The developers of bitcoin are trying to show that money can be successfully privatised. They will fail, because money that is not issued by governments is always doomed to failure. Money is inevitably a tool of the state.
Bitcoin relies on thoroughly contemporary technology. It consists of computer-generated tokens, with sophisticated algorithms guaranteeing the anonymity, transparency and integrity of transactions. However, the monetary philosophy behind this web-based phenomenon can be traced back to one of the oldest theories of money.
Economists have long declared that currencies are essentially a tool to increase the efficiency of barter, which they consider the foundation of all organised economic activity. On this view, money is a convenient instrument used by individuals to get things done. It is not inherently part of the apparatus of government.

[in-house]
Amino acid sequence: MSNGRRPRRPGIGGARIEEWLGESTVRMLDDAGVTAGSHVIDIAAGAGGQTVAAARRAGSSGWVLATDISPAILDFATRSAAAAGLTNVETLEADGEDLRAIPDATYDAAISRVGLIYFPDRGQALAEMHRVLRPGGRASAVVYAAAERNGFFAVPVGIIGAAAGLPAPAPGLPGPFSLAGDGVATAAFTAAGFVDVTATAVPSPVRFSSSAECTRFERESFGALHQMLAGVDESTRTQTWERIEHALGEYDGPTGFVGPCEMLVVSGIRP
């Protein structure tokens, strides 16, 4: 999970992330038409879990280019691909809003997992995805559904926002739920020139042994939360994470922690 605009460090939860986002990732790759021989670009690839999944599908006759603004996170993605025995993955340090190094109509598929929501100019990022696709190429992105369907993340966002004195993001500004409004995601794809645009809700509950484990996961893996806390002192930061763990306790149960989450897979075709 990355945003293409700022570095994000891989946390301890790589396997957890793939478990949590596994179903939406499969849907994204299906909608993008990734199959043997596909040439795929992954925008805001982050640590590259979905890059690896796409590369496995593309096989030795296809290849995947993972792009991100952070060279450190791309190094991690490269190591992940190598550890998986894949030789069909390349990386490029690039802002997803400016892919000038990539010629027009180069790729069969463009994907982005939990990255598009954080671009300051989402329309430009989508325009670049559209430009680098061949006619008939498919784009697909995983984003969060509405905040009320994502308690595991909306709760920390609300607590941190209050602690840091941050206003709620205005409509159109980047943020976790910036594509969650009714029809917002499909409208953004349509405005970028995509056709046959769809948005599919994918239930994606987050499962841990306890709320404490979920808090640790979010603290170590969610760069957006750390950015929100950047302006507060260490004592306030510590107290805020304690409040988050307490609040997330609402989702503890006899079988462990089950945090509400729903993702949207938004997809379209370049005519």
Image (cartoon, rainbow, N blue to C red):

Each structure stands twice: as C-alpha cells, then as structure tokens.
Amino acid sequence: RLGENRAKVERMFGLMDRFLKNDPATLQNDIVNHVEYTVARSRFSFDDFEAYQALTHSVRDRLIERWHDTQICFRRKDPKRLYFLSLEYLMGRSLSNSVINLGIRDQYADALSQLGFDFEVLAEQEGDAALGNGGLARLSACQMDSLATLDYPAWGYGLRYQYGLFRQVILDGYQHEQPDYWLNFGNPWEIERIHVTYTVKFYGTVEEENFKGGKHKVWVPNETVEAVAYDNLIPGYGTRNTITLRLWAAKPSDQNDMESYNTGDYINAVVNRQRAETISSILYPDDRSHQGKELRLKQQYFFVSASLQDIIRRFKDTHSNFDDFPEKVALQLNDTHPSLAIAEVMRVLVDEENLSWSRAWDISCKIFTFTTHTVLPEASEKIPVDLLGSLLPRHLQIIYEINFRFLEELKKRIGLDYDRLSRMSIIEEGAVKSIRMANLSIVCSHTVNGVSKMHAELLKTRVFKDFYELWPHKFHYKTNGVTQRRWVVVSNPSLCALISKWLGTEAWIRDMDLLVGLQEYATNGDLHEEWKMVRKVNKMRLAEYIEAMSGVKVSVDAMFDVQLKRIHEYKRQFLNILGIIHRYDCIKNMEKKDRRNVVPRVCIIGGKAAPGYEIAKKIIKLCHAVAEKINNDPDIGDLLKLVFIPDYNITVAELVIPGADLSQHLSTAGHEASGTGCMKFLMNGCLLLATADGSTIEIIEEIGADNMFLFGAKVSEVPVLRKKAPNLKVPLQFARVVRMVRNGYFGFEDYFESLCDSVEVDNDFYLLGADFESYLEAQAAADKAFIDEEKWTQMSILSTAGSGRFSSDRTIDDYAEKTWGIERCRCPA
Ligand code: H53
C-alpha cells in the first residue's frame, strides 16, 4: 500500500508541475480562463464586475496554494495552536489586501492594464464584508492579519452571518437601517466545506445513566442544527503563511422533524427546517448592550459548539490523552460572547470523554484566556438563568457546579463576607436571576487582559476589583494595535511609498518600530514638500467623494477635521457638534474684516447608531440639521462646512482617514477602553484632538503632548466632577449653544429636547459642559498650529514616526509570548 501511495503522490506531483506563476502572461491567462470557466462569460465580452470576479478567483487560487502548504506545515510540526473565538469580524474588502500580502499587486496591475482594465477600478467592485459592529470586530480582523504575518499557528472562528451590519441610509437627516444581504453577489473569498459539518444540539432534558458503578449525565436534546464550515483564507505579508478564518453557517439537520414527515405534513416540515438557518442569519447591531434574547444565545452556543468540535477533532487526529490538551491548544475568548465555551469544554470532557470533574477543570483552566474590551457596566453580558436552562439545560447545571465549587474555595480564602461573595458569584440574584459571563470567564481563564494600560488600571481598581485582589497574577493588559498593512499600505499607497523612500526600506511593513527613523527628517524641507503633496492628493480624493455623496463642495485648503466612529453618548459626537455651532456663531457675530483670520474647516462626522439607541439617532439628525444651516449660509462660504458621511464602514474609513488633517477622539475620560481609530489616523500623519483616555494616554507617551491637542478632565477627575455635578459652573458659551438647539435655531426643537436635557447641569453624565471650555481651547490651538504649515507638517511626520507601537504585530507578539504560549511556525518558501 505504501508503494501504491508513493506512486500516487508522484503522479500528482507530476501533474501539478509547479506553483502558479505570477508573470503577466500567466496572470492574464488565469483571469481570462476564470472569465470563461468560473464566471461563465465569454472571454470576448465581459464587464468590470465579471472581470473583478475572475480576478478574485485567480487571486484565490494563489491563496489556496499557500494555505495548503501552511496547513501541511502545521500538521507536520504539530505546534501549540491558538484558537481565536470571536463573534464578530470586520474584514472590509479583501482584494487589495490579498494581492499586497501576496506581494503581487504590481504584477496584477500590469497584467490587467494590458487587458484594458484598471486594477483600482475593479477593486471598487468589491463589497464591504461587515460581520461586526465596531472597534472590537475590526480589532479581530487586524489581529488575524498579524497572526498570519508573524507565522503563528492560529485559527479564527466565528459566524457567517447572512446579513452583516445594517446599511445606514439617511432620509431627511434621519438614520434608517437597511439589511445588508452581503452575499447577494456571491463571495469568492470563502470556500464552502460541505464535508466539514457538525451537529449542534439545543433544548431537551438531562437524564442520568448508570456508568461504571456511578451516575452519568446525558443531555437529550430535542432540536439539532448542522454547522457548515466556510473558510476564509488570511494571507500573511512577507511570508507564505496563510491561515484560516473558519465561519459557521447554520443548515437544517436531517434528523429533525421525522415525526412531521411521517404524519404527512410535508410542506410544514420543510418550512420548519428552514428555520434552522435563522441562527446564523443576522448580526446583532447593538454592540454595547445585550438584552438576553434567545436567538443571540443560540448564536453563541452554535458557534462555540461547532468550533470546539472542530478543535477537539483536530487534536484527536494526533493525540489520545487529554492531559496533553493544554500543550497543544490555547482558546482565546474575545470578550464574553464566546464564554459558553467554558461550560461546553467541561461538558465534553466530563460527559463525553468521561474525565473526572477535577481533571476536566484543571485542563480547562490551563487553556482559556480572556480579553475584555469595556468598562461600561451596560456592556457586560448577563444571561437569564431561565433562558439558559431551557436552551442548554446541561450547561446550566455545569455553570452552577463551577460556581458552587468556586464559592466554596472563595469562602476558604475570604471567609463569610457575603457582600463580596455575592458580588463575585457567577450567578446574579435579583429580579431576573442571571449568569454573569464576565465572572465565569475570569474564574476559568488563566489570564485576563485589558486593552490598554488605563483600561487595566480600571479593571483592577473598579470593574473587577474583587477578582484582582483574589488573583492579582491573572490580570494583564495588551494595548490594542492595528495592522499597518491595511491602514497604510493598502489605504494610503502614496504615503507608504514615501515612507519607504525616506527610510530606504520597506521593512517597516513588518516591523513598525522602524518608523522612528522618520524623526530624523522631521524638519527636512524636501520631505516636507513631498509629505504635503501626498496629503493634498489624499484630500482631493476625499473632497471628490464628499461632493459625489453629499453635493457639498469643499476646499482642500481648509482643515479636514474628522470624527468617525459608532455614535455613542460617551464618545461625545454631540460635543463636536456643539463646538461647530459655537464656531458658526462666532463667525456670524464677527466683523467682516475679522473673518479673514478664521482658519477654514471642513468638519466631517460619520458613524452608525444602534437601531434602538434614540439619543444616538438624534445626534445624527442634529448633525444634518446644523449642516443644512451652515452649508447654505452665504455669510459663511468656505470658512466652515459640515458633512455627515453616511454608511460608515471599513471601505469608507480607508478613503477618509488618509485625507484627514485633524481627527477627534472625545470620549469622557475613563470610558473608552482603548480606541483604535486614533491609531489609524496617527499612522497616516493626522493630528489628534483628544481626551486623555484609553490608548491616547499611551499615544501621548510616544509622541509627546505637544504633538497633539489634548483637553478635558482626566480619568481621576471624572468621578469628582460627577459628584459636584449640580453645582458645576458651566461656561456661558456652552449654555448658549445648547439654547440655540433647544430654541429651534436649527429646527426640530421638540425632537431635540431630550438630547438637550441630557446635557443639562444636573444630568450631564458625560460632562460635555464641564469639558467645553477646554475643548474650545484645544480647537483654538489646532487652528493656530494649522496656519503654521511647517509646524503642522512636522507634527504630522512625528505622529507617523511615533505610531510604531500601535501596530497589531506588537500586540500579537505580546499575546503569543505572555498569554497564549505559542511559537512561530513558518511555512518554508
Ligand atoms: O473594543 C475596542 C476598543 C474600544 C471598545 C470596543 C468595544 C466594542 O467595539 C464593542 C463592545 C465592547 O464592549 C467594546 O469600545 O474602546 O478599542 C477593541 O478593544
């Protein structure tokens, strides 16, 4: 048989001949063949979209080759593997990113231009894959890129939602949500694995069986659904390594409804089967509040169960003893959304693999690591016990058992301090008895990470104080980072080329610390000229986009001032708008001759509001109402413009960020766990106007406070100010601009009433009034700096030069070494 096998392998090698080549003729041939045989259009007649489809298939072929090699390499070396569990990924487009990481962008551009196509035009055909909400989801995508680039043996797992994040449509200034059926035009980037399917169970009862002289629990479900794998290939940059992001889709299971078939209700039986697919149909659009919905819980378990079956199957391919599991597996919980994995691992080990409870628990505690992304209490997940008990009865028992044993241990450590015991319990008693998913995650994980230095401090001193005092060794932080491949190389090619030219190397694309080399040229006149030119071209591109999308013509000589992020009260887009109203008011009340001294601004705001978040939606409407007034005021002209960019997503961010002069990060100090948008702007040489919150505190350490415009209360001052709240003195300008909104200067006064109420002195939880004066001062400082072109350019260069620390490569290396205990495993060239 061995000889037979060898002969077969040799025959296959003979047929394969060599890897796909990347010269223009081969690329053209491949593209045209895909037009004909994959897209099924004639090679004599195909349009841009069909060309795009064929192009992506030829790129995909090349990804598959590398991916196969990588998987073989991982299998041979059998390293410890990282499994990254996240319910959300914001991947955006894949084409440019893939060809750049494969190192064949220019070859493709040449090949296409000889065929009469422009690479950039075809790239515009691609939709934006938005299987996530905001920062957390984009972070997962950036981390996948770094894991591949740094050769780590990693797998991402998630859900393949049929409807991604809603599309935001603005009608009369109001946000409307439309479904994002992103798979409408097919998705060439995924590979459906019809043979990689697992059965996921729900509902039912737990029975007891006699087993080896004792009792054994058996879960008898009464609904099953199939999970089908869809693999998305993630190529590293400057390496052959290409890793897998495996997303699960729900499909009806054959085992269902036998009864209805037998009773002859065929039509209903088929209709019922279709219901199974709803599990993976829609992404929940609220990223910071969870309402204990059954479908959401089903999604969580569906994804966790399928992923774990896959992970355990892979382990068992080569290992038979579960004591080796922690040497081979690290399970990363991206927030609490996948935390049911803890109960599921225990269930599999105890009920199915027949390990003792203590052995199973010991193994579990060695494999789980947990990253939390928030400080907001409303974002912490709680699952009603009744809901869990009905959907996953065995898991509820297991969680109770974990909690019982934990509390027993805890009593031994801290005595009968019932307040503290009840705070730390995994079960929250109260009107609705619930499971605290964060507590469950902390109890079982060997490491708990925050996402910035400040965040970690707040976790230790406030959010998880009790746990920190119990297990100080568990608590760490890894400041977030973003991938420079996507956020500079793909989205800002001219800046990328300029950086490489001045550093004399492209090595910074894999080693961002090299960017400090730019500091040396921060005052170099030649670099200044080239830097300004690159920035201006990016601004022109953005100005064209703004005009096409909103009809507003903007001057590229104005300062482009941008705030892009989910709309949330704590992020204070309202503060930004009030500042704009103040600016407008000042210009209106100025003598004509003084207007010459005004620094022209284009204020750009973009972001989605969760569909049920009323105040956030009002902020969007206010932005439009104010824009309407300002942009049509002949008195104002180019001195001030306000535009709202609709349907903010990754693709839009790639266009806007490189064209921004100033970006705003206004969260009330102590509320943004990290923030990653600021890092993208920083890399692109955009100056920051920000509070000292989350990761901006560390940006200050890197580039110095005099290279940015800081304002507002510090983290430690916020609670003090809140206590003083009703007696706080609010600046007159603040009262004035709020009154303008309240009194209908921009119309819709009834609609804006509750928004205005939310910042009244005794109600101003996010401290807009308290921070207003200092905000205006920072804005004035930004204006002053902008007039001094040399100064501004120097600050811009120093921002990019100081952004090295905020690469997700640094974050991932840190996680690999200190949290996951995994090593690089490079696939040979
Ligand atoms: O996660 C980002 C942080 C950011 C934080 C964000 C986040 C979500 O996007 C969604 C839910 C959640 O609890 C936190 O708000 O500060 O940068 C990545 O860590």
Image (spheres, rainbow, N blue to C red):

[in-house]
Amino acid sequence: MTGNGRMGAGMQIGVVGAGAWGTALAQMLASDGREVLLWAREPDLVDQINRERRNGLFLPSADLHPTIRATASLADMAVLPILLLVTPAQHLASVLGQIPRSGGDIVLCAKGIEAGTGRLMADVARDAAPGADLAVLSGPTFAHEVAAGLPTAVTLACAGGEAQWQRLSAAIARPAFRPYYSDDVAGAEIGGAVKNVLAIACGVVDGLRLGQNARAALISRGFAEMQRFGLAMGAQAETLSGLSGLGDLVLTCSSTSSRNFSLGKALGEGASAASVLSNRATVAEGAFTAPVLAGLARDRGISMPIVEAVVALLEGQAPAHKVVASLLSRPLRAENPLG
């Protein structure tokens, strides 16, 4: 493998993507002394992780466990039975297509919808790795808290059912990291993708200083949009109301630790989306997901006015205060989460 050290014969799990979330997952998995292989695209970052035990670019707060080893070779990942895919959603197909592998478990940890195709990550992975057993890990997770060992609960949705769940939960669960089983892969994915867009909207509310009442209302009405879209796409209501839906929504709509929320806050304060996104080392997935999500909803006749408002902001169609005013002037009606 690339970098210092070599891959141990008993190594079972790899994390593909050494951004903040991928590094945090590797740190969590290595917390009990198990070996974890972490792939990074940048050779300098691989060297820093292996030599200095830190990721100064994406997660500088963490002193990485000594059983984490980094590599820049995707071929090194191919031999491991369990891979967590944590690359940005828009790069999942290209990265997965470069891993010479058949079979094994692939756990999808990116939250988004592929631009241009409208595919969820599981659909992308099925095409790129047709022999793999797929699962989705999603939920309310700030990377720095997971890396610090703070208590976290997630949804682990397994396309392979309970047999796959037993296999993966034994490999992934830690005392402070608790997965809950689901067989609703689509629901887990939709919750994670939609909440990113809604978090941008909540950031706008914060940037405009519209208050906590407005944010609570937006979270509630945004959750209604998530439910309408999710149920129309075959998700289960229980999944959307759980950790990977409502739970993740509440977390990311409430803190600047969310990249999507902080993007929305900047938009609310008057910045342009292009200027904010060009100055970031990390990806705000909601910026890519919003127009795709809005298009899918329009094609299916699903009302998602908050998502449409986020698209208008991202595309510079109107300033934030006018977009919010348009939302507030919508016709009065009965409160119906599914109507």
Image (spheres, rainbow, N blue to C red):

I think of the concept of privately issued tender as “right money,” because the whole idea appeals instinctively to right-wing thinkers. They dislike centralised authority of all sorts, including monetary authority. For example, Friedrich Hayek, Margaret Thatcher’s favourite economist, proposed replacing the state’s monopoly on legal tender with competing currencies offered by rival banks.
Hayek presumably would have approved of bitcoin. The currency’s issuer is an unknown computer programmer, about as far from a government as can be imagined. Right now bitcoin is tiny; at the current exaggerated exchange rate the total projected volume of “coins” is worth less than the GDP of Mongolia. Still, Hayek might well have dreamt of bitcoins becoming a global currency for wages, prices and loans. He would, though, have hoped for a more stable value, not the increase from $13 to $900 per bitcoin in less than a year.